FEW things are more disheartening than false hope, yet time and again we all allow ourselves to be sucked in, only to be let down.
For some of us it might be a new Star Wars movie that promises to be the best yet or the rumour that stonewash jeans are coming back. Maybe it's just being a New South Wales supporter come Origin time.
In politics, false hope is a weapon to be wielded. We saw it again last week with another federal funding announcement for the Bruce Highway that was a rehash of previously announced money and a repackaging of other funding promises.
Confused? That's the point.
Finding creative ways to announce funding over and again is a well worn tactic used by all governments, of all levels and politics, to bamboozle the public into thinking that this is "new" money.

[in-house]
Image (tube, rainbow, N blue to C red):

It reminds me of the Boy Who Cried Wolf - every time the villagers run slower and less enthusiastically to save the flock, then realise they've been tricked again. Like the villagers in the story, the public is tired of hearing the same announcements over and over again.
This is not an indictment on modern politics, because this has been going on since Julius Caesar kept promising the Gauls a highway upgrade between Rome and Paris. Probably.
But unlike Caesar, perhaps governments could avoid an untimely end by being more honest with us and not trying to trick us into getting our hopes up. With a Federal election later this year, now is a great time to start talking about a new future, rather than simply repackaging the past.